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The Laurel Festival & Grand Canyon of Pennsylvania
n the night of June 6, 1938, on Broadway in New York City, as America lingered in the Great Depression and Hitler’s conquest of Austria presaged World War II, theater-goers found a few moments of hope and entertainment in the debut of Thornton Wilder’s play Our Town, the tale of a mythical Appalachian town of 3,000 in New Hampshire. But in Wellsboro, Pennsylvania, that evening, a real small mountain town of 3,000 and a cultural jewel on Pennsylvania Route 6, things were a little more colorful. The Arcadia Theater showed Errol Flynn and Olivia de Havilland in The Adventures of Robin Hood, Jimmy Stewart and Ginger Rogers in Vivacious Lady, elephants marched down Main Street with circus magicians on their backs in a great parade, and the Penn Wells Hotel crowned Pennsylvania’s first Queen of the Laurel, Phyllis Viola of McKees Rocks, a statuesque brunette in a long white gown with ringed locks tumbling under her tiara like, well, a queen. It was the culmination of the first Laurel Festival, staged when the state flower bloomed in the mountains. Three quarters of a century later, the state-sanctioned Laurel Festival, parade, and crowning of the Laurel Queen from a bevy of talented Pennsylvania high school students from around the state reigns as one of the state’s most colorful festivals, a week-long back-to-the-future pageant of food, music, art, crafts, and the pageant that draws tens of thousands of visitors to the Tioga County seat, a charming real-life Our Town. The festival was the brainchild of a small-town midcentury maestro, Wellsboro’s Larry Woodin. A beloved Wellsboro high school teacher who spent time in Hollywood himself as a promoter for Republic Pictures, working with John Wayne in Flame of the Barbary Coast, Woodin pulled a promotional double coup in the 1930s. He not only turned wholesome young high school girls into beauty queens to anchor the Laurel Festival that year, he transformed the breathtaking Pine Creek outside of town, which meanders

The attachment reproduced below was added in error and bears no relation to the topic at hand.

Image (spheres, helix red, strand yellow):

sixty-two miles through a thousand-foot-deep pine-treecovered gorge, into “The Grand Canyon of Pennsylvania.” Woodin was ahead of his time. Today the Grand Canyon of Pennsylvania is a major tourist attraction, along with the charming, gas-lit Wellsboro Main Street with its renowned festivals, its restaurants and shops and town green, and the Civil War-era Penn Wells Hotel and the 1920s Arcadia Theater still in operation. This combination of rugged country and nostalgic small town draws hundreds of thousands of visitors every year, including, hunters, fishermen, marathon runners, aficionados of the town’s Hamilton-Gibson theater troupe or world-class classical Endless Mountain Music Festival, and men from New York to Harrisburg who drive to town for a custom suit made at Garrisons Mens Shop on Main Street while their families shop and stroll. National magazines have rated the town one of the finest in the east for sportsmen since the 1930s. Tens of thousands more tourists crowd the Christmas season Dickens Festival. The town is the heart of the north-central Pennsylvania Wilds that National Geographic called “a bona fide, 21st-century Eden.” But the Grand Canyon of Pennsylvania, Larry Woodin’s marketing notion, is the major draw. In 1936, when he proposed the marketing idea, skeptics hooted. But with support from the chamber of commerce and mayor, Larry insisted the “Grand Canyon” would attract more visitors and commerce to his adopted hometown. With approval from the chamber, Larry found a handsome young man with a nice black car. Larry and the mayor of the borough painted the black car red, and emblazoned it with the legend: Come See the Pennsylvania Grand Canyon. 1000 ft. deep. 50 miles wide. Two personable young Wellsboro men lit out from town, wearing red hats and capes as they drove to Erie, Pittsburgh, Harrisburg, Scranton, and Philadelphia promoting the canyon’s natural wonders. Two personable young women from town rode a bus, traveling 4,500 miles around the country, to cities like Chicago and New York, and
See Laurel on page 28
PA Route 6 IE R E E LAK 1,2
North East 17